A horse’s life is fascinating, and it’s a beautiful experience to see their development. Discover the five stages of a wild mustang’s life cycle to understand each phase they go through.
A newborn horse is known as a foal. During this stage, the foal nurses and learns how to stand. By drinking their mother’s milk, the foal receives vitamins and nutrients that protect it from diseases. Typically, foals nurse three to five times per hour. This is the most critical time for a wild foal—the bonding moment between mare and foal. If that is disrupted, it will result in the death of the foal.
After two weeks of nursing, foals show interest in normal feed. By nibbling grass, the animal learns how to eat solid food and prepare for its next developmental stage in which they don’t rely on the mother’s milk for nutrients.
A weanling is a foal that doesn’t receive milk from its mother but is not yet a year old. When put in the perspective of human developmental stages, a weanling is like a toddler. In the weanling stage, the horse will eat a lot of food to grow and develop. That said, the weanling greatly benefits from high-protein diets during this stage.
Furthermore, the animal develops socialization skills during this stage as it interacts with other animals (including horses) and its environment. Ultimately, the weanling stage is all about curiosity and rapid development.
A yearling is a one- to two-year-old horse. At this point, the yearlings are independent of their mothers. They spend most of their time standing and tend to sleep less. The horse enjoys interacting with other horses by bucking, galloping, play-fighting, and running. Additionally, growth spurts are normal at this stage; some horses may grow two to three inches as yearlings.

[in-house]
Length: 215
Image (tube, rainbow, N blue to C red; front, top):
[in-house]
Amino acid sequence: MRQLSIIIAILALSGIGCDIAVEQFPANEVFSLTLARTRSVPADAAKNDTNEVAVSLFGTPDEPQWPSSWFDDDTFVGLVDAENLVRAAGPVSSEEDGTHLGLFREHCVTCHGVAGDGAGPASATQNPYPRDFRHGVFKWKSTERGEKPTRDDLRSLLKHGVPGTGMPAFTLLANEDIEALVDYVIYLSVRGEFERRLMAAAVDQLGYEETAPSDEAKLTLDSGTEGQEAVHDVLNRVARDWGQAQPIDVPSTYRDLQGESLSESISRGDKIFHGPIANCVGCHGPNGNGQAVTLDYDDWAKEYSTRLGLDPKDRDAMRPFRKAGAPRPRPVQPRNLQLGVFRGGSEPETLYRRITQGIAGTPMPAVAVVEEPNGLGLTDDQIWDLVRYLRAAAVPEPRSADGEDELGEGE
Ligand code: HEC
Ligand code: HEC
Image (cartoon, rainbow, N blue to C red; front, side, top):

After two years of age, male and female horses have separate names. A female horse under four years of age is a filly, and a male horse under four years of age is a colt. Think of adolescent horses as teenagers to young adults; they continue to grow, push boundaries, and become mentally and physically mature at this stage.
The last stage of a wild mustang’s life cycle is adulthood. Stallions are male horses that are four years old or older, and mares are female horses that are four years old or older. At this point, the horses are completely mature. They can run at high speeds and look after themselves. Around five or six, most horses reach their full heights. Horses are adults until 20 years old; afterward, they’re considered seniors.
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